Prospective, Multicentric, Randomized Phase III Study Comparing Early Oral Alimentation to Nil Per Os Diet After Colorectal Surgery
Following intestinal surgery, the classical protocol indicates the use of a naso-gastric
tube and starvation more or less prolonged of the patient dependent of surgeon's view.
Decision to feed the patient is based on gas and feces reappearance after surgery. However,
prolonged starvation might be uncomfortable for the patient as well as increasing his
hospitalization stay. Moreover, delayed feeding effect on anastomosis and wound healing is
controversial and naso-gastric tube use is known to be uncomfortable and may generate
secondary adverse events.
Some studies in opened surgery observed that early alimentation was beneficial against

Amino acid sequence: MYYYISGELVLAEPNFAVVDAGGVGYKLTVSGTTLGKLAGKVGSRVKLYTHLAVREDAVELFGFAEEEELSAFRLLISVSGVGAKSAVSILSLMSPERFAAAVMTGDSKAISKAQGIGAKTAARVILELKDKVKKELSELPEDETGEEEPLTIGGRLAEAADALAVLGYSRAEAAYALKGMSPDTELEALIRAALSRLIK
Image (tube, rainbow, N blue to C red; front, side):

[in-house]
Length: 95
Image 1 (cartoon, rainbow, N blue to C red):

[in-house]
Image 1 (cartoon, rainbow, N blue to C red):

post-surgery mortality, infection risk and anastomosis dehiscence. In addition, early
feeding seemed to decrease patient hospitalisation stay.
In order to conduct this study, patients having a colorectal surgery will be randomly
attributed to the nil per os group, which is based on the reappearance of a functional
intestinal transit, or to the experimental group, which will begin alimentation 12 hours
after colorectal surgery.
Allocation: Randomized, Endpoint Classification: Safety/Efficacy Study, Intervention Model: Parallel Assignment, Masking: Open Label, Primary Purpose: Treatment
Hospitalisation stay measured in days
Pierre Dubé, MD
Canada: Health Canada